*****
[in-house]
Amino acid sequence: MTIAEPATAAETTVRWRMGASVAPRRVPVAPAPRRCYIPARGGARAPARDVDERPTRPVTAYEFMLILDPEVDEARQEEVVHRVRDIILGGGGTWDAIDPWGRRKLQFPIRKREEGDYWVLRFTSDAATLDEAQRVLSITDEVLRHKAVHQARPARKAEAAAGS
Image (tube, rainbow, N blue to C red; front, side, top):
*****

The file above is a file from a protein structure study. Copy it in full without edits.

[in-house]
Amino acid sequence: MTIAEPATAAETTVRWRMGASVAPRRVPVAPAPRRCYIPARGGARAPARDVDERPTRPVTAYEFMLILDPEVDEARQEEVVHRVRDIILGGGGTWDAIDPWGRRKLQFPIRKREEGDYWVLRFTSDAATLDEAQRVLSITDEVLRHKAVHQARPARKAEAAAGS
Image (tube, rainbow, N blue to C red; front, side, top):